There were concerns from the community that the pixel layout from this panel would cause issues as they are not exactly square but I can honestly say I have not noticed it in any of my testing.

Viewing was generally quite good when viewed from an angle however you do need to deal with some gamma and colour shift depending on your viewing angle. You also need to sit a suitable distance away from the panel also due to its size and viewing angles otherwise light falloff will become evident towards the corners. There are some issues with slight image retention on grey backgrounds and a weird phenomenon on dark grey backgrounds which shall be known as the “grey hole” from now on.


This monitor does include a “Smart Uniformity” calibration report in the box which is apparently supposed to make you feel good about the colour accuracy of the monitor but honestly you can throw it in the bin for all the good it does. Out of the box this panel was running a colour temperature of around 7600k instead of the advertised 6500k which is mainly caused by excessive blue channel (quite common on LED backlights). Also worth noting is that the sRGB profile was also quite poor out of the box

While the sRGB profile was “better” out of the box, it was still lacking in most of the same areas compared to the 6500k profile. It also had an unacceptable issue where blacks were being crushed excessively to the point where most shadow details were lost and muddy images resulted.

For the remainder of the calibration, the panel was set to “Smart Uniformity” mode which is supposed to give the most even lighting across the panel. Colour profile was set to “User Define” for customisation and Gamma 2.2.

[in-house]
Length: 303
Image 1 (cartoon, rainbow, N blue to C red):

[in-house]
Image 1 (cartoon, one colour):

That majority of the colour adjustments were possible from the OSD however the panel was lacking any sort of low / high level adjustments which means most changes that were made had to be a compromise between various test patterns. Generally you would nail the calibration for a 100% greyscale (pure white) only to find out you have thrown out the 30% greyscale instead. The results were quite good from the panel however it was no possible to get the 30% / 70% / 100% greyscale test patterns under a deltaE of 4 across the board without relying on profile adjustments later.

I am very pleased to report that this monitor will blow an IPS panel out of the water when it comes to black levels with this monitor offering inky blacks and none of the “IPS Glow” that plagues high end panels. It is so dark that I couldn’t actually get great luminance reading with my i1 Pro meter as it is not the best performer in low light conditions.